IT’S BEEN a couple of months spent with the Fluence Z.E. now, and it’s been interesting getting to know it. You don’t drive it quite like you would a petrol or diesel car.
Yes, you’ve got what looks like the control layout from a normal automatic car and it looks pretty like a normal car unless you know the tell-tale differences, but there are a number of peculiarities both good and niggly that define the driving experience.
The most obvious thing is the quiet. It’s not silent because you can hear the motor spinning up with a Star Trek-like hum, but trundling around supermarket car parks is an absolute joy. The Fluence feels substantial but the hush at low speed is marvellous. At those sorts of moments it feels a lot more ‘prestige’ than it technically is.
The next most obvious factor is the ‘braking’ force that’s applied when you lift off the throttle. The motor changes phase and turns into a generator that aims to put some charge back into the battery. The faster you’re going when you lift off, the stronger the deceleration starts out and it feels very odd until you get used to it.
According to the handy live power transfer display as part of the trip computer, this regeneration process can put quite a bit of energy back into the battery – if the physics will allow it. As far as my understanding of battery science goes, it takes a little time to get the electrons in any battery to change direction, so unless there’s some fancy way of getting around this the apparent regeneration going on in any electric car will always be less than it says.
But let’s forget the science. This strong deceleration, comparable to engine braking but stronger, is actually quite useful. It means that at the very least you can get free mileage downhill with careful throttle pressure, and it means you don’t have to use the brakes much once you’re properly used to the car.
I’ve found myself only using them to come to a final stop, and it’s then that you notice one of the odd niggles in the driving experience. Although the low rolling resistance tyres – often a bugbear on eco-special cars – have been optimised to be genuinely quiet, the brakes haven’t.
Their grinding noises are completely normal, but you don’t normally notice them over engine noise. Some other electric and hybrid cars have technology to minimise brake noise and the Fluence could definitely benefit from some of that.
Onto more normal characteristics now, and it’s time for the electric motor to shine. Trundling along at low speed in traffic and spying a gap in the faster-moving lane next to you, you need instant torque to get you out into the gap and up to speed as quickly as possible. The Fluence has it in spades, and the rate at which it picks up pace with a good squeeze of the throttle is amazing.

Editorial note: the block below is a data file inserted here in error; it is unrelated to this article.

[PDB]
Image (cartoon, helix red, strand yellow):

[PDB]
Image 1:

It feels slightly different in cornering compared to front-engined cars. Most of the weight is at the back and even if you don’t really know much about driving dynamics you notice the slightly different feel.
It’s nothing more than a curiosity though really, and what’s much more important is that the Fluence’s controls strike a good balance between weighting and ease of use. It’s not designed to feel like a featherweight at low speed, but it’s nice and stable at faster dual carriageway speeds.
It’s perhaps not the ideal supermarket car for families, since part of the boot is taken up by the batteries. It’s done very neatly in fairness, leaving as practical a shape as possible. The cable bag slots away to one side of the battery area and the tool kit slots to the other. While large cases are off the agenda, shopping is really no problem. I put a number of carrier bags full in there with plenty of room to spare.
For this first two months I’ve kept exclusively to the city, charging the car at the three-pin plugs in a city centre car park whenever I need to visit the town, picking up four hours of free electricity during late night cinema trips and meals out – for a bargain £2 parking fee. I’ve even done a full charge from flat for that fee, which equated to the same as doing around 250mpg in a petrol or diesel car.
So far I’ve covered about 250 local miles, which feels like a lot more than it sounds because it’s mostly been in three-mile bursts. But as with internal combustion, in town driving your total range is lower.
Next month I’ll be trying it out on some runs into the countryside, to see whether Renault’s 100-mile range predictions are about right. Here’s hoping they are, but this is new tech and I think I’ll take baby steps…
FACTS AT A GLANCE
Model: Renault Fluence Z.E Dynamique, £18,395 on the road (£20,324 as tested).
Motor: Synchronous electric motor producing 94bhp and 167lb.ft.
Battery capacity: 22kWh.
Performance: Top speed 84mph (limited), 0-62mph in 13.7 seconds.
Cost per mile (mileage only): 6p
Average range: Approx 70 miles.
- Power3 (average performance)
- 0-60 mph
- Insurance groups3 (average costs)
Motors.co.uk value verdict: